- May 12th-18th, 2012: With a group of racing bicycle aficionados, I spent a wonderful vacation week in amazing Massa Marittima, Tuscany to drill myself to a better racing bike performance, cycling my first 100 km on Sunday, May 13th, 2012 in a surprisingly good shape and without follow-up pain on the days after. It was my first racing bike experience and my first active vacation of this type (I mean the type where you bike 80-100 km every day).
- June 30th, 2012: After 3 years, 3 months and 3 days of studies, I handed in my MBA dissertation paper, finally freeing myself from the sleepless nights of an extra-occupational education. Although I’m still awaiting my grade (and hence expecting my diploma) which is to be announced by mid-January 2013, I can hardly express my great relief and triumph to have passed this very important finish line.
- July 22nd-29th, 2012: During my dive week at Helengeli in the Maldivian North-Male Atoll, I fell deeply in love with this little paradise and completed a very challenging and adventurous diving course to get the Advanced Open Water Diver certificate from PADI and successfully overcome some of my limits. Learning to navigate under water, dive with a current, deep dive, night dive and improving my peak performance buoyancy, I got to know a whole new world where mantas, dolphins, morays and squids made their sensational appearance while fluorescent plankton set the night sea aglow.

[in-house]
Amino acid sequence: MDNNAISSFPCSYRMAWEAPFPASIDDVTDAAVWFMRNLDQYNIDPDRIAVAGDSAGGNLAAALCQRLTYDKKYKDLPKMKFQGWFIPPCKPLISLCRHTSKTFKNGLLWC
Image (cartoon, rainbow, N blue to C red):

- August 22nd, 2012: I swam 1.5 km across the lake of Zurich for the first time (Seeüberquerung) and got to know the rather tough water outside.
- August 26th, 2012: I finished my first open water triathlon in Uster, swimming 750 meters in Greifensee, biking 20 km and running 5 km. Despite my terrible swimming performance, I enjoyed the fantastic event and great weather exceedingly and finished in 1:31.24 as 156th overall and 81st in my category.